Prior to 2005, Dairy Farm also made several major share buybacks in 2001 and 2002 when its shares were trading at a depressed valuation. In early 2000, there were several issues which dragged down Dairy Farm’s performance. The two big elephants in the room were the disposal of Franklins in Australia (which was a one-off item) and the underperformance of Wellcome supermarket in Hong Kong due to a major competitor and e-commerce companies that entered the market selling everyday commodities at rock-bottom prices.
- 2001 share buyback. Dairy Farm had a substantial net cash position of US$400 million and repurchased 170 million shares, representing some 11% of the current issued share capital, at a price range of US$0.96 to US$1.10 per share.
- 2002 share buyback. Dairy Farm repurchased 170 million shares, representing 10% of issued share capital, at a price range of US$0.66 to US$0.75 per share.
The major buybacks which were carried out at attractive valuations which added incremental value on a per-share basis for shareholders. Dairy Farm has long navigated itself out of the storm in the early 2000s as the management focused on the core businesses and their economic advantages.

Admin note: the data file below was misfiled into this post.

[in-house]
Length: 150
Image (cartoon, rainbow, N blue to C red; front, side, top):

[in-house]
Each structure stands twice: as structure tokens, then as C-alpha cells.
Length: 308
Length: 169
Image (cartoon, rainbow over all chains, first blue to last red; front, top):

“Consumer sentiment is still cautious and our expenses have been driven up by aggressive investment in new stores and major refurbishments. This has been required to protect our market position and to increase sales by attracting the wet market shoppers with exciting new fresh food departments.” — Ronald J Floto, CEO (26 Feb 2001)
2015 currency crisis: opportunity emerges
Dairy Farm wasn’t spared when the currency crisis hit emerging countries like Indonesia and Malaysia where Dairy Farm has business exposure to. As Dairy Farm records its financial results in U.S. dollars, the weakening of local currencies against the dollar affected its reporting results. Coupled with weak consumer spending in emerging countries, Dairy Farm’s full year results showed net profit declining by 17% in 2015.
Things started to get more interesting when Dairy Farm’s share price plunged from US$13.65 in 2013 to just US$5.60 three years later. The declined wiped off ten billion dollars in market valuation or a whopping 59% drop in value! As the share price dropped, value started to emerge.
Dairy Farm price chart 2013-2016. Chart: Yahoo Finance
But what really caught my attention was when Graham Allan, then-CEO of Dairy Farm, started buying Dairy Farm’s shares on the open market through a series of transaction (here, here, here, here and here). Dairy Farm isn’t a typical founder-led company but that didn’t deter Graham Allan, a professional manager, from purchasing shares worth nearly a million dollars with his own money. Those transactions clearly showed a vote of confidence in the company he was managing then.